Pictured: My Korean-born father and my now-9-year-old son.
A Korean Sandwich
How the 2018 Winter Olympics in PyeongChang pulls at one Korean-American daughter and mom
I’m sitting on a plane headed for San Diego, where I’ll drive straight to the beach for a run and a jump in the ocean before heading north to Encinitas. There, I’ll walk through the locked doors of the memory care facility where both my parents live. On this trip, I’m pulled by the Olympics being televised from PyeongChang, South Korea, and the thought of watching the Closing Ceremonies with my South Korean-born dad.
My dad, Larry, has been in a wheelchair for about 18 months, in hospice care for eight months, and unable to verbalize more than a sentence for at least a year. He gets tears in his eyes when he sees me and especially when I say goodbye, often trying to say something, to tell me something, with nothing but a two-syllable word that sounds like, “oy-ya” coming out of his mouth, over and over.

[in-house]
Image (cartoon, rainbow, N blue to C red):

I am part of the sandwich generation. My two young, quarter-Korean sons at home with my husband Mark this weekend, and all others, when I travel from Boulder, Colorado to visit my ailing parents in San Diego. My older son, Sam, had a fever last night and a headache this morning. He’s nine years old and often says things to me like, “It’s important for you to go visit Grandma and Grandpa, because…” then he has a hard time explaining that they won’t be alive forever, mostly because he’s sensitive to my feelings. He’s not all that close to them because he’s always lived in Colorado, with once or twice yearly visits to see them.
I loved watching the Olympics Opening Ceremonies with Sam, Mark and my six-year-old son Ben almost two weeks ago on our TV in Boulder. We all cozied up on the couches together, watching the Ceremonies unfold with their pastoral images (“Is that why I’m a gardener?” I thought), a 77-year-old Korean man singing a traditional song of the country, and a light show of two doves symbolizing North and South Korean morphing into one while four Korean singers performed the Beatles “Imagine,” a song that makes me cry no matter the circumstances. In this instance, the tears streamed down my face as I achingly hoped my dad’s caregiver—or my mom, ill with Parkinson’s disease and increasingly forgetful—had the TV on the right channel and my dad was able to watch this.